Airborne pollutants and particles are the most the most common causes of allergic reactions and include everything from naturally occurring substances like pollen to synthetic chemicals such as polyvinylchloride. These reactions can be nothing more then a few sniffles or runny nose, hay fever, or a more serious reaction such as Multiple Chemical Sensitivity that can seriously debilitate its sufferer.
So what can an allergy sufferer do to reduce their reactions to these allergens? Quite a lot actually.
The first thing to do is indentify what is causing the reaction then making a plan to deal with the issue. For instance many people have reactions and symptoms from substances that are released from many different types of materials. Carpet is a major culprit in many homes so removing the carpet eliminates the source of the problem. The point is to reduce the allergic person's exposure to those things that cause their reactions.
Another contributor to in home allergy problems is a dirty HVAC system. This is particularly true in older homes where dirt, dust, and pollen have built up in the duct system over the years. Every time the HVAC system turns on it re-circulates these substances into the air causing problems for allergy sufferers. Changing or upgrading the filters in the system and getting the ducts cleaned are the best way to deal with this issue.
An air purifier is also a good way to deal with airborne allergens and will work best when used in conjunction with removing allergy causing items from the home. The type of air cleaner needed will depend on the pollutant that needs to be filtered.
For airborne particulates such as pollen a HEPA filter or electrostatic filter are the best choices. HEPA air cleaners are very efficient removing over 99% of the particles that pass through it. Electronic filters are slightly less efficient but are easy to clean; just put it in the dishwasher once a month or rinse it off and its good to go.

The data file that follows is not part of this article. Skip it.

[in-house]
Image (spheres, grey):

For airborne chemicals that are released from synthetic materials and household cleaners a media such as activated carbon should be used. As these chemicals a drawn across the carbons surface they adhere to it leaving the re-circulated air fresh and clean. There are other compounds that are able to target more specific chemical pollutants so it is a good idea to thoroughly research which will work best.
Bacteria, viruses, spores, and other microorganisms are also contributors to allergy symptoms. These are dealt with via a UV (Ultraviolet) light filter that neutralizes or kills the organism rendering it harmless.
Combining these different air filtering technologies will render the best results in the fight against airborne allergens. These are particularly efficient when added to a homes HVAC system creating a whole-home air purification system. Doing this and removing those item that are contributing to the problem can go a long way towards relieving the symptoms of allergy sufferers.
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